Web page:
Every place Mr. Innis goes to they ask him so many questions about me, whether I am fond of gaiety, and whether I dance, and all manner of questions, which he together with his answers tells me every morning .
10th [December]
I am today established in my room and have unpacked most of the things, fancy the wet getting thro' the tin cases to our dresses, however we have escaped tolerably well, my satin slip is quite dished and one of my gowns a little, we are fortunate it is no worse, we reckoned the Margaret a dry ship but we find that there is hardly a box that is not more or less touched by salt water, the only thing really injured is the chariot, the linen what with water and cockroaches is completely in tatters, there being no lining silk in the colony it is relined with cloth, which will be very hot.. . The town is, I hear, very bad, but only saw George Street which is wide and has some very good shops. Our two nearest neighbours are Mr. McLeay, the colonial secretary, and Mr. Chief Justice Forbes, they have houses just outside the entrance gate which formerly belonged to the Government. They are both very civil and send to know how Mama is every day, we have not seen the ladies of the family yet. The Westmacotts have got a cottage in the grounds which belonged to Col. Dumaresq and family.. . [The newspapers] give [Governor Bourke] a great number of hints in the papers, indeed I should say instructions as to his behaviour, pointing out the faults of Genl. Darling all good points of Governors Macquarie and Brisbane. They beg he will spend his income in the colony like a Prince and show himself about the town, and not shut himself up as his predecessor did and save money (as they elegantly express it) "to the tune of 20,000£" whilst he was here. I very much doubt any body's saving that sum in six years, out of five thousand a year - everything is very dear except just the bare necessaries of meat and bread and I believe they are cheap. You know how I hate the liberty of the press and it is most terribly free here.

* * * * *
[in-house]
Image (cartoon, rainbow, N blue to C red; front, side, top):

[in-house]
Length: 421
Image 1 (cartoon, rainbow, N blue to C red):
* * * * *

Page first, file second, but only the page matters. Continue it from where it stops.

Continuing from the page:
14th [December]
A ship came in this morning, the Bussorah merchant from Dublin, she brings out our solicitor general, and a great many convicts, amongst others that horrible Mr. Luke Dillon, what a creature to have in the same colony as one. ... [77]
19th [December]